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P170 Diagnostic criteria for IBD subtype classification: a multi-centre validation cohort

M. Sonnino1, M. Matar2, A. Assa2, R. Lev Zion1, E. Shteyer1, A. Griffiths3, D. Turner1, O. Ledder*1

1Shaare Zedek Medical Center, Jerusalem, Israel, 2Schneider Medical Center, Petach Tikva, Israel, 3Hospital for Sick Kids, Toronto, Canada

Background

IBD-unclassified (IBD-U) is a diagnosis on the spectrum between Crohn's disease (CD) and ulcerative colitis (UC) with very low agreement between physicians and a wide heterogeneity in the diagnosis rate of IBDU across sites. The PIBD-classes criteria were thus developed to standardise the classification of children with IBD as having CD, colonic CD, IBD-U, atypical UC and UC. We aimed to provide further validation of the PIBD-classes criteria on real-world data of paediatric IBD.

Methods

Multi-centre retrospective longitudinal study of children (2–18 years) diagnosed with IBD with at least 1 year follow-up and available gastroscopy and ileocolonoscopy. Clinical, radiologic, endoscopic and histological data were recorded as well as the 23 items required for the PIBD-classes criteria, and revised diagnosis at last follow-up.

Results

In total, 184 children were included (age at diagnosis 13 ± 3 years, 55% males) of whom 122 (66%) were diagnosed by the clinician with CD, 17 (9%) with IBD-U and 45 (25%) with UC. By the PIBD-classes criteria, 121 (66%) had CD (of whom 5 (3% of the entire cohort) had colonic CD), 22 (12%) had IBDU and 41 (22%) UC (of whom 14 (8% of the entire cohort) had atypical UC). There was high agreement between clinician-assigned and PIBD-classes-generated classification for CD (93%; 8 patients moved to IBD-U) and for UC (84%; 6 moved to IBD-U and one to CD). Of the 17 children classified as IBD-U, 9 (53%) were re-classified by the PIBD-classes criteria: 2 as atypical UC, 1 as UC, and 6 as CD. The initial clinician’s diagnosis was revised at the last follow-up in 10 patients, five of whom supported the classification of the PIBD-classes (four IBD-U patients, two reclassified as CD, two reclassified as UC, 1 UC patient reclassified as IBD-U).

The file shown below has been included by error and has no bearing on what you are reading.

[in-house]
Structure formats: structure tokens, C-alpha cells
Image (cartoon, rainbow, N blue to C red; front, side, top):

Conclusion

The PIBD-classes algorithm is a useful, standardised tool to facilitate accurate classification of IBD subtypes and the average rate of the disease subtypes remain as the clinicians’ classification. In cases of change of IBD class during follow-up the PIBD-classes criteria accurately predicted the final allocation in half of patients. Application of the PIBD-classes algorithm should be considered to improve reliability and consistency of IBD subtype classification between physicians and centres.